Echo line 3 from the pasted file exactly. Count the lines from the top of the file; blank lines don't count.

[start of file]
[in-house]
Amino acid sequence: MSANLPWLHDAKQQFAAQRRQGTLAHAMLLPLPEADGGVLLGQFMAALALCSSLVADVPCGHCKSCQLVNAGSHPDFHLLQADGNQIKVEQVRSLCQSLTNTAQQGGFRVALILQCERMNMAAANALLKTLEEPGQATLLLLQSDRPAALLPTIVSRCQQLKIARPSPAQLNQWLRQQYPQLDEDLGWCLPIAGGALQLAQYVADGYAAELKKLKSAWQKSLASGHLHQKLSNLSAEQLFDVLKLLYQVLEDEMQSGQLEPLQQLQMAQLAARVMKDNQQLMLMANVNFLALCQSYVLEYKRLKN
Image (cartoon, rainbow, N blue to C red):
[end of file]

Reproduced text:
Image (cartoon, rainbow, N blue to C red):